Fisk on America’s lost opportunity (which they were never going to take)

Egyptians are rising up and America is looking to install a torturing autocrat in place of Mubarak?

Robert Fisk on the streets of Cairo:

Well, immense courage displayed by those who are demanding the overthrow, effectively, of Mubarak, oddly matched by the complete gutlessness of the U.S. administration. In fact, the cowardice of the language coming from Mrs. Clinton in the State Department, the endless calls for restraint and the endless calls of Mubarak being a friend of America, etc.—Mubarak himself being a dictator, runs a secret police state, in effect—against these lone Egyptians who are being filmed by state security, who are being filmed on television around the world, who are giving their names, identifying themselves as being against the regime, it’s been an extraordinary example of lost American opportunities, in fact. You know, I’m on the street with these people. They’re not anti-American. There are no anti—nobody is burning American flags, though I probably would if I was among them and I was an Egyptian in these circumstances. They’ve been immensely understanding of the international situation, but of course immensely betrayed.

What they’re buoyed up with is basically a simple fact. When you throw constant humiliation and fear and repression and increased education, when you throw off your shackles, as the old cliché goes, when you say, “I’m not afraid anymore,” you can never re-inject a people with fear. They’re on their feet. They may get defeated temporarily, but they’re still going to be standing up. And that’s why more and more people are coming to join the protesters.

And now what we’re seeing is that having shown their defiance of the state security police on Friday of last week in those big battles in Cairo, having now had to fight literally against the Mubarak people with stones—I mean, literally fight and be wounded—they’re showing that their courage is real. It’s not just voices on a screen that are going fade back to middle-class homes later or go back to farming or something. It’s the real thing. And this is something that Mubarak clearly doesn’t understand. I think the army is beginning to.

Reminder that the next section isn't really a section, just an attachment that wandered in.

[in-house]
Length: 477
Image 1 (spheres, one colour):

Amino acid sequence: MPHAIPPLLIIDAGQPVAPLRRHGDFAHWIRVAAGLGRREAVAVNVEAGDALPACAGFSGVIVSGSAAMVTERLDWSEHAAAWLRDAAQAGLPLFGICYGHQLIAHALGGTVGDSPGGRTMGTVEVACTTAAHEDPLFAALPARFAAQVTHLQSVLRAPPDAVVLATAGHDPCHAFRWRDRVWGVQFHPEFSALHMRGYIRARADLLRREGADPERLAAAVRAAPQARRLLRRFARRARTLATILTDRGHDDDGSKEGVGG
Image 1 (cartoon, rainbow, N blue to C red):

The key that I’ve seen over the last few days has been the way in which the army on Friday was told by Mubarak to clear the square, and the individual tank officers refused. I actually saw them tearing off their tank helmets, where they were receiving orders on their own military net, and using their mobile phones. And in many cases, they were phoning home, because they come from military families. They wanted to know from their fathers what they should do. And, of course, they were told, “You must not shoot on your fellow citizens.” And that, I think, was the actual moment when the Mubarak regime broke. Or if we look back historically, that’s what we’ll believe. So I think it is broken, it’s finished, whatever Mr. Mubarak may dream about in his pantomime world. And I think that was a very critical moment.

Now, of course, the great drama is this. The Americans want the military to control the situation and get rid of Mubarak, but then are we going to have Mubarak’s vice president? Are we going to have an Egypt led by the former intelligence officer for Mubarak, a chief negotiator with Israel, Israel’s favorite Egyptian, running this country, and running the army to run this country? We’re going to have just another benevolent military dictator running another army which runs another country in the Arab world, which is basically what we’ve had all along.

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